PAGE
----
AmerisourceBergen exec blames DEA for opioid crisis during trial

David May, AmerisourceBergen's vice president of corporate security and diversion control, said the Drug Enforcement Administration is more responsible for West Virginia's opioid epidemic than his company, according to The Herald-Dispatch.

Huntington, W.Va., and the surrounding Cabell County presented opening arguments May 3 for a federal trial in which they are seeking more than $1 billion from opioid distributors AmerisourceBergen, McKesson and Cardinal Health. The lawsuit alleges the distributors let their highly addictive opioids flood pharmacies, causing dramatic spikes in addiction and overdoses. 

During his May 17 testimony, Mr. May said AmerisourceBegen's abuse prevention systems extended beyond the DEA's requirements and other federal regulations. He said widespread opioid addiction can be attributed to a rise in prescriptions written by physicians, poor communication with regulatory bodies and pill quotas set by federal agencies.

After joining AmerisourceBergen in 2014, Mr. May attended meetings with the DEA to review the distributor's diversion control program. Emails shown in court said the DEA was satisfied with the program. Mr. May said he asked to hold similar meetings in the years since, but the DEA declined his requests.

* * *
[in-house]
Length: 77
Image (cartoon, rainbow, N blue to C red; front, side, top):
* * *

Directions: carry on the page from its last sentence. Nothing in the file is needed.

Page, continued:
Mr. May said the DEA lacks concrete guidance on the amount of opioids that constitutes a suspicious order. During the trial's second week, Cabell County attorney Paul Farrell Jr. showed Mr. May a 2007 letter in which the DEA said wholesalers must determine which orders are suspicious and compare a registrant's ordering to its customer base and patterns throughout the relevant area.

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